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Much more delighted, than your pensive eye
Has deign'd on other objects to bestow.
Lady Rand. Delighted, say*st thou? Oh ! even

there mine eye

Found fuel for my life-consuming sorrow.
I thought, that had the son of Douglas lived,
He might have been like this young gallant stran-
ger,

And pair'd with him in features and in shape.
In all endowments, as in years, I deem,
My boy with blooming Norval might have num-

ber'd.

Whilst thus I mused, a spark from fancy fell
On my sad heart, and kindled up a fondness
For this young stranger, wand'ring from his home,
And like an orphan cast upon my care.
I will protect thee, (said I to myself)
With all my power, and grace with all my favour.
Anna. Sure heaven will bless so generous a re-
solve.

You must, my noble dame, exert your power:
You must awake: devices will be framed,
And arrows pointed at the breast of Norval.
Lady Rand. Glenalvon's false and crafty head
will work

Against a rival in his kinsman's love, .

If I deter him not: I only can.
Bold as he is, Glenalvon will beware
How he pulls down the fabric that I raise.
I'll be the artist of young Norval's fortune.
'Tis pleasing to admire! most apt was I
To this affection in my better days;
Though now I seem to you shrunk up, retired
Within the narrow compass of my woe.
Have you not sometimes seen an early flower
Open its bud, and spread its silken leaves,
To catch sweet airs, and odours to bestow;
Then, by the keen blast nipt, pull in its leaves,
And, though still living, die to scent and beauty?
Emblem of me: affliction, like a storm,
Hath kill'd the forward blossoms of my heart.

Enter Glenalvon.

Glen. Where is my dearest kinsman, noble Randolph?

Lady Rand. Have you not heard, Glenalvon, of the base

Glen. I have: and that the villains may not 'scape,

VOL. I. X

With a strong band I have begirt the wood:
If they lurk there, alive they shall be taken,
And torture force from them th' important secret,
Whether some foe of Randolph hired their swords,

Or if

Lady Rand. That care becomes a kinsman's

love.—

I have a counsel for Glenalvon's ear. [Exit Anna.
Glen. To him your counsels always are com-
mands.
Lady Rand. I have not found so: thou art

known to me. Glen. Known! Lady Rand. And most certain is my cause of

knowledge. Glen. What do you know? By the most blessed

cross,

You much amaze me. No created being, Yourself except, durst thus accost Glenalvon. Lady Rand. Is guilt so bold? and dost thou

make a merit

Of thy pretended meekness? This to me,
Who, with a gentleness which duty blames,
Have hitherto conceal'd, what, if divulged,

Would make thee nothing; or, what's worse than

that,

An outcast beggar, and unpitied too?
For mortals shudder at a crime like thine.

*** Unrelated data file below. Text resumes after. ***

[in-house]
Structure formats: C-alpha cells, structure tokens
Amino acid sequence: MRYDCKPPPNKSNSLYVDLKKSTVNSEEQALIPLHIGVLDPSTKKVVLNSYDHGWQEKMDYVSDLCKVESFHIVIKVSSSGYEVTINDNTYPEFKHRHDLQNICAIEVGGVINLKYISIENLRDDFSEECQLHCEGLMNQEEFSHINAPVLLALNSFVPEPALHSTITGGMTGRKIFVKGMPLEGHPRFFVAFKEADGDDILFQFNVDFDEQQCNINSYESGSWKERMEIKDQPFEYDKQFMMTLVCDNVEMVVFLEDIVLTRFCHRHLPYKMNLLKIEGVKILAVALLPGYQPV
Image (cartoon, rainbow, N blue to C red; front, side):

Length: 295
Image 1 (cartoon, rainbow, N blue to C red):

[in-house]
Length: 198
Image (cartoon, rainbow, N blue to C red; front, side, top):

Glen. Thy virtue awes me. First of woman-
kind!

Permit me yet to say, that the fond man
Whom love transports beyond strict virtue's bounds,
If he is brought by love to misery,
In fortune ruin'd, as in mind forlorn,
Unpity'd cannot be. Pity's the alms
Which on such beggars freely is bestow'd:
For mortals know that love is still their lord,
And o'er their vain resolves advances still:
As fire, when kindled by our shepherds, moves
Through the dry heath before the fanning wind.
Lady Rand. Reserve these accents for some

other ear.

To love's apology I listen not.
Mark thou my words; for it is meet thou should'st.
His brave deliverer Randolph here retains.
Perhaps his presence may not please thee well;
But, at thy peril, practise aught against him:
Let not thy jealousy attempt to shake
And loosen the good root he has in Randolph;

Whose favourites I know thou hast supplanted.
Thou look'st at me, as if thou fain would'st pry
Into my heart: Tis open as my speech.
I give this early caution; and put on
The curb, before thy temper breaks away.
The friendless stranger my protection claims:
His friend I am, and be not thou his foe. [Exit.

Manet Glenalvon^

Glen. Child that I was, to start at my own shadow,

And be the shallow fool of coward conscience!
I am not what I have been; what I should be.
The darts of destiny have almost pierced
My marble heart. Had I one grain of faith
In holy legends, and religious tales,
I should conclude there was an arm above
That fought against me, and malignant turn'd,
To catch myself, the subtle snare I set.
Why, rape and murder are not simple means!
Th' imperfect rape to Randolph gave a spouse;
And the intended murder introduced
A favourite to hide the sun from me;
And, worst of all, a rival. Burning hell!
This were thy centre, if I thought she loved him!

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